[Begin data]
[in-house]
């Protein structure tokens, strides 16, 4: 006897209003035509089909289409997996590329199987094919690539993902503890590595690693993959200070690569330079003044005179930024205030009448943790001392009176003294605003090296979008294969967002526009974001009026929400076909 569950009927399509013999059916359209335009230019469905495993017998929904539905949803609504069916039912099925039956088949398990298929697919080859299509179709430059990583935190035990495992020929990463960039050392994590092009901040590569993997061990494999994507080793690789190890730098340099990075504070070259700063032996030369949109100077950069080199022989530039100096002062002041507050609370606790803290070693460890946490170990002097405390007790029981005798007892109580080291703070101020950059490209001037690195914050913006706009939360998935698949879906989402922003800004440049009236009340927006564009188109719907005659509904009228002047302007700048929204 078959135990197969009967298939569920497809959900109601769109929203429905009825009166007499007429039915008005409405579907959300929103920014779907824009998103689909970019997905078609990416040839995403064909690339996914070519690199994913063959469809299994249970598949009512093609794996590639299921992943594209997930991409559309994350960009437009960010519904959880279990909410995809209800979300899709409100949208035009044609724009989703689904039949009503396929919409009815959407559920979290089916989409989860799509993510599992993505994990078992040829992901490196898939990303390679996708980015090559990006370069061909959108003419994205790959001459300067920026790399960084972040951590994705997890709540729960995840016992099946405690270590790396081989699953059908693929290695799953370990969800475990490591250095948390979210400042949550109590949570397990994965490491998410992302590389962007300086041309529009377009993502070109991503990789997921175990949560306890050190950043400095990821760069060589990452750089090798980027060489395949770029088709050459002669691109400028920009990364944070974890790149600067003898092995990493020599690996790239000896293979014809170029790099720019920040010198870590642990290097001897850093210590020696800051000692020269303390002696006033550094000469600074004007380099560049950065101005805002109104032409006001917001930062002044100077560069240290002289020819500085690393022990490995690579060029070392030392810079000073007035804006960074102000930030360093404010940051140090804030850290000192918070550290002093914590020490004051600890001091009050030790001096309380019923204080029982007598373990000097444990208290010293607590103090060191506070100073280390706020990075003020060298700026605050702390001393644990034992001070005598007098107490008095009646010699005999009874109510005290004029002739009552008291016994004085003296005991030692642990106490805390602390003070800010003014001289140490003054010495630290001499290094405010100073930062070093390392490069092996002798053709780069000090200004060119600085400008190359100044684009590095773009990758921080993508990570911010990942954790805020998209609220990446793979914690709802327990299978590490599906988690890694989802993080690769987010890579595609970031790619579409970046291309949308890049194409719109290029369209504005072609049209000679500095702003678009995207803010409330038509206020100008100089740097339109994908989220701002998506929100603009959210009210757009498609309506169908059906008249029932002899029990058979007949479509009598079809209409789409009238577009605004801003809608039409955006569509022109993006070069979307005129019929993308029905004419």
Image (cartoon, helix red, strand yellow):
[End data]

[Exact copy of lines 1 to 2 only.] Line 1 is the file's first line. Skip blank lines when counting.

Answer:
[in-house]
């Protein structure tokens, strides 16, 4: 006897209003035509089909289409997996590329199987094919690539993902503890590595690693993959200070690569330079003044005179930024205030009448943790001392009176003294605003090296979008294969967002526009974001009026929400076909 569950009927399509013999059916359209335009230019469905495993017998929904539905949803609504069916039912099925039956088949398990298929697919080859299509179709430059990583935190035990495992020929990463960039050392994590092009901040590569993997061990494999994507080793690789190890730098340099990075504070070259700063032996030369949109100077950069080199022989530039100096002062002041507050609370606790803290070693460890946490170990002097405390007790029981005798007892109580080291703070101020950059490209001037690195914050913006706009939360998935698949879906989402922003800004440049009236009340927006564009188109719907005659509904009228002047302007700048929204 078959135990197969009967298939569920497809959900109601769109929203429905009825009166007499007429039915008005409405579907959300929103920014779907824009998103689909970019997905078609990416040839995403064909690339996914070519690199994913063959469809299994249970598949009512093609794996590639299921992943594209997930991409559309994350960009437009960010519904959880279990909410995809209800979300899709409100949208035009044609724009989703689904039949009503396929919409009815959407559920979290089916989409989860799509993510599992993505994990078992040829992901490196898939990303390679996708980015090559990006370069061909959108003419994205790959001459300067920026790399960084972040951590994705997890709540729960995840016992099946405690270590790396081989699953059908693929290695799953370990969800475990490591250095948390979210400042949550109590949570397990994965490491998410992302590389962007300086041309529009377009993502070109991503990789997921175990949560306890050190950043400095990821760069060589990452750089090798980027060489395949770029088709050459002669691109400028920009990364944070974890790149600067003898092995990493020599690996790239000896293979014809170029790099720019920040010198870590642990290097001897850093210590020696800051000692020269303390002696006033550094000469600074004007380099560049950065101005805002109104032409006001917001930062002044100077560069240290002289020819500085690393022990490995690579060029070392030392810079000073007035804006960074102000930030360093404010940051140090804030850290000192918070550290002093914590020490004051600890001091009050030790001096309380019923204080029982007598373990000097444990208290010293607590103090060191506070100073280390706020990075003020060298700026605050702390001393644990034992001070005598007098107490008095009646010699005999009874109510005290004029002739009552008291016994004085003296005991030692642990106490805390602390003070800010003014001289140490003054010495630290001499290094405010100073930062070093390392490069092996002798053709780069000090200004060119600085400008190359100044684009590095773009990758921080993508990570911010990942954790805020998209609220990446793979914690709802327990299978590490599906988690890694989802993080690769987010890579595609970031790619579409970046291309949308890049194409719109290029369209504005072609049209000679500095702003678009995207803010409330038509206020100008100089740097339109994908989220701002998506929100603009959210009210757009498609309506169908059906008249029932002899029990058979007949479509009598079809209409789409009238577009605004801003809608039409955006569509022109993006070069979307005129019929993308029905004419």